When Tour de France race director Christian Prudhomme was asked last month what he thought of the possible plan being discussed with the UCI to reduce the sizes of teams in Grand Tours from nine riders to eight, he replied, “In absolute terms, we wouldn’t complain about having one less rider on each team, first of all because of security, and then because the race might be a little less blocked.”
This proposal has gained traction in recent years mainly because of the seemingly escalating number of pileups in the opening stages of the Tour and Giro d’Italia that have resulted in key riders crashing out or losing any hope of contending for the overall victory. On the long list of those who’ve been so affected in recent Tours are (in alphabetical order) Alberto Contador, Cadel Evans, Robert Gesink, Ryder Hesjedal, Chris Horner, Levi Leipheimer, Andy Schleck, Jurgen Van den Broeck and Brad Wiggins. In other words, all these riders lost their chance of finishing on the podium in at least one Grand Tour because of bad crashes.
So will reducing the size of the peloton by 11 percent, from 198 riders (22 teams of nine) to 176 riders (22 teams of eight), make the race any safer? And will having slightly smaller teams open up the race, as Prudhomme would like? Both questions are up for discussion, while reducing the team size would have other repercussions that also need to be considered.
First, a little history.
Nine-man teams have been the format at the Tour for the past 26 years. Before that, and since trade teams were first introduced to the race in 1962, the team size varied between 10 and 11 riders. And before that, in the era of national teams, starting rosters were sometimes as small as eight. Yes, eight, the magic number that is now being discussed.
When founding Tour director Henri Desgrange first introduced national teams in 1930, he decided that eight was the magic number. Eight-man teams remained for seven years until team size was increased to 10 in 1937, 12 in 1938 and back to eight in 1939. Postwar, teams of 10 were most common, except for two very unusual years.
In 1960, the four major cycling nations, Belgium, France, Italy and Spain, each had 14-man teams (yes, 14!), while all the other countries and French regional squads had just eight riders. It wasn’t surprising that that the four blockbuster teams dominated that Tour, sweeping the podium and winning 18 of the 21 stages.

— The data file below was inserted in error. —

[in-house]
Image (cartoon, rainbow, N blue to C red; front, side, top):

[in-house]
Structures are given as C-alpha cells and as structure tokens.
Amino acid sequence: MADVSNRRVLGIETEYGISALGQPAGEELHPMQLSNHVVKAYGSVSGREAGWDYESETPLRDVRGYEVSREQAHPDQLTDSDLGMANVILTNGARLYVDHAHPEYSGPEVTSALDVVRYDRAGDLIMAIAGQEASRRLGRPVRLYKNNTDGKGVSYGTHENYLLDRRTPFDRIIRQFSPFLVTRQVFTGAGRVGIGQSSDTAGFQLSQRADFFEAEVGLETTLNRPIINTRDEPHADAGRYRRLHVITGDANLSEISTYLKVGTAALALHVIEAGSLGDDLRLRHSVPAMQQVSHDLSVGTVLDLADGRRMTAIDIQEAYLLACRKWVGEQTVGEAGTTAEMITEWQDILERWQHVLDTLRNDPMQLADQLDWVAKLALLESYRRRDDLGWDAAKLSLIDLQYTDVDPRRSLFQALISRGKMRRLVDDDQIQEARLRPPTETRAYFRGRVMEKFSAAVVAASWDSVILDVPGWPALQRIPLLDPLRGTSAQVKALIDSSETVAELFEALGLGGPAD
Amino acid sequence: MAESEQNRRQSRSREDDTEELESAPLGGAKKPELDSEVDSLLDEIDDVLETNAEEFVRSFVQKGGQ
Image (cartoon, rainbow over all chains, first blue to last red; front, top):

However, in 1951, when the major nations had 12-man rosters, Switzerland started the Tour with just eight riders—and it was the Swiss team leader, Hugo Koblet, who won the race, despite having only seven riders to call upon (and only five after two teammates abandoned the race in the opening week)! Admittedly, Koblet’s Tour win was more than six decades ago, but the peloton still races on the same terrain over the same time period, and the team dynamics needed to support a leader and defend the yellow jersey haven’t changed that much. So is eight the magic number?
Even this year, Team Sky defended the yellow jersey of Brad Wiggins with seven riders after one of its men, Kanstantsin Sivtsov, was the first rider to crash out of the race, on stage 3. So, if Sky can win a modern Tour with a virtual eight-man team, why are most team managers against the idea of cutting their Grand Tour rosters from nine to eight?
First of all, the teams aren’t convinced that reducing the number of riders in the peloton to 176 is going to make a huge difference in reducing the number of crashes. There are so many reasons why crashes happen, and the size of the pack is not the main one. A quick look at recent pileups in the Tour shows that among the factors more likely to cause riders to fall are adverse road or weather conditions (slick descents, cobbled back roads, torrential rain), rider inattention (touching wheels, taking a turn too fast), road hazards (roundabouts, traffic islands, signposts) or spectators (leaning into the street, taking photos).